How Pressure Groups Activate Voters and Move Candidates Closer to the Median

Wittman, Donald
October 2009
Economic Journal;Oct2009, Vol. 119 Issue 540, p1324
Academic Journal
This article shows how uninformed but rational voters can respond intelligently to political advertising. The article models a situation where a candidate must rely on a pressure group for financing political advertising and making endorsements. The pressure group uses its power over the purse to influence the position chosen by the candidate. Nevertheless, when uninformed voters use a strategic rule of thumb, pressure-group contributions always move the outcome of the election closer to the median voter. By using such a rule of thumb, when there is advertising, uninformed voters can have the same influence on the election as informed voters.


Related Articles

  • Politics certainly ain't what it used to be. Wheaton, Ken // Advertising Age;11/6/2006, Vol. 77 Issue 45, p80 

    The author reflects on the 2006 midterm elections and the negative political advertising that was involved with them. In the article, the author does not criticize the negative advertising but instead says that they are the most enjoyable to watch, and that negative advertising is not a new...

  • Political ads top Kroll's agenda. Lafayette, Jon // Advertising Age;4/29/1991, Vol. 62 Issue 18, p6 

    Reports on the plan of Alex Kroll to fight scurrilous political advertising in the U.S. after his election as chairman of the American Association of Advertising Agencies. Effect of scurrilous political advertising to politicians; Information on the plan of the Public Broadcasting Service to...

  • THE 30-SECOND CAMPAIGN. Elliott, Stuart // New York Times Upfront;9/22/2008, Vol. 141 Issue 2, p14 

    This article examines the role of political advertising. It discusses that political advertisements are subjective like all advertising which is presenting a biased point of view. Political advertisement is selling a specific candidate that can sometimes be obscured by the noble trappings which...

  • Ten Principles of Effective Political Mail. Malchow, Hal // Campaigns & Elections (1996);May2007, Vol. 28 Issue 5, p64 

    The article introduces 10 principles of effective political mail. The author says that the first step in creating any piece of political advertising is formulating a message sentence. He notes that the best way to establish relevance is to start in the mind of the reader. He asserts that a great...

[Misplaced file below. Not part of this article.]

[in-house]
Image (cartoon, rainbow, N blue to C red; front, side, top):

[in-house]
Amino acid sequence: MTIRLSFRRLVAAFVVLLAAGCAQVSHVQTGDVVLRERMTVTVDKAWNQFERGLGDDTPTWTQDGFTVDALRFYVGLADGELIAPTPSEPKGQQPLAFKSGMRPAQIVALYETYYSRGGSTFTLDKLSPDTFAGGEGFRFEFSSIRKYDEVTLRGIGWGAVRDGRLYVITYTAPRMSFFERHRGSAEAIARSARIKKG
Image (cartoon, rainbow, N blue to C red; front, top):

• MEDIA HUNT FOR A SPIN TO WIN.  // BRW;8/29/2013, Vol. 35 Issue 32, p46 

    The article reports on a thesis study from Jennifer Rayner of the Australian National University concerning the political advertising in Australia. Her thesis explores whether slick marketing campaigns actually help political parties win. Rayner said online offers good metrics on what messages...

  • Campaign Advertising: Partisan Convergence or Divergence? Spiliotes, Constantine J.; Vavreck, Lynn // Journal of Politics;Feb2002, Vol. 64 Issue 1, p249 

    Prior research demonstrates that many citizens are unable to perceive differences between the two major political parties. In order to investigate whether candidate behavior in campaigns contributes to this perception, we test implications about partisan constraints on campaign rhetoric drawn...

  • FED ELECTION BOON. Ligerakis, Maria // B&T Weekly;4/2/2004, Vol. 54 Issue 2466, p1 

    Reports on the Australian government's advertising budget for the next federal elections. Amount allocated by the government for political advertising; Efforts of high-profile agencies to secure more government business; Campaign Palace's superannuation campaign in 2003.

  • Black ops wash whiter. Johnson, Philip // Public Finance;4/8/2005, p4 

    Shares an author's insights about black operations which he considers as an institutionalized, rather than incidental, part of modern electioneering in Great Britain. Consideration of the Labor's move to infiltrate a Conservative Way Forward meeting and taping Howard Flight's remarks about Tory...

  • The Case For and Against Televised Political Advertising: Implications for Research and Public Policy. Laczniak, Gene R.; Caywood, Clarke L. // Journal of Public Policy & Marketing;1987, Vol. 6 Issue 1, p16 

    Presented here are the advantages and disadvantages of using the increasingly controversial tactic of televised political advertising. An agenda for needed research to shed light on this issue is put forward, along with an articulation of several public policy options for adjusting the existing...


Read the Article


Sorry, but this item is not currently available from your library.

Try another library?
Sign out of this library

Other Topics